The last State of the Nation debate in the run-up to the European elections saw both sides reaffirming their positions. There were no proposals for parliamentary consensus or even dialogue on matters of state such as the Catalan question or the issue of immigration. What we saw was a prime minister who says the crisis is over, and an opposition eager to cast doubt on any such analysis.
Trotting out statistics that point to a beginning of recovery, Prime Minister Mariano Rajoy drew a complacent picture of the government’s successful policies — a success, he admitted, built on “sacrifices made by the Spanish people.” Aimed at mobilizing undecided voters, the speech featured mentions of “empty pockets,” reduced contributions to the Social Security system (to favor permanent job contracts), a fiscal reform which, he said, is to benefit 12 million income taxpayers, and the time-frame in which this will happen: “starting in 2015” (a year in which local, regional and general elections are due).
As was to be expected, the leader of the opposition, Socialist Alfredo Pérez Rubalcaba, questioned the economic recovery proclaimed by Rajoy and reproached him for having chosen options which have proven so damaging to workers and the economically disadvantaged. In this context he brought forth an argument of considerable ideological effect: Rajoy has carried out, with the pretext of the crisis, the program that the right has always desired for Spain.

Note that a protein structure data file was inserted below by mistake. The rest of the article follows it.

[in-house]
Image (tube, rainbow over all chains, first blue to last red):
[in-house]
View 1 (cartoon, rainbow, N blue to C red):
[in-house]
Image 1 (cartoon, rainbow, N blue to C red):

Rubalcaba and the United Left’s Cayo Lara called for the withdrawal of the controversial abortion reform bill, and the prime minister said it will remain; the Socialist leader described the citizens security law as a step backward in liberties, and Rajoy denied that this was the case.
The prime minister devoted the most emphatic passage of his speech to a promise that there will be no unilateral referendum in Catalonia, defending the principle of national unity. There was one novelty: he left the door open to the possibility of a change in the Constitution — “it can be reformed” — a shift from his previous stance. Rubalcaba repeated that you cannot forever say no to dialogue. But the speaker who argued most stubbornly in favor of dialogue on the Catalan question was the spokesman for the CiU nationalist bloc, Josep Antoni Duran Lleida, who called for an agreement “that must take the people of Catalonia into account.” Rajoy went no further than to point to his concern for the people who live in Catalonia and their economic plight, before stressing once again the primacy of the Constitution and the law.
The squabble brought out one problem — apparently minor, but important from the constitutional point of view — which is the degree of proportionality in the electoral laws. The reform of the statute of Castilla-La Mancha was termed by Rubalcaba as an operation of gerrymandering, designed to favor the re-election of the Popular Party’s María Dolores de Cospedal. As the day progressed, the tone of the debate heated up, with frequent reference to newspaper headlines from the archives, and an exchange of accusation over who has told more lies and broken more electoral promises. All very pre-electoral, with dramatic emphasis on the difference of positions, and only of relative utility to a public that is already skeptical about politicians and their ability to solve their problems.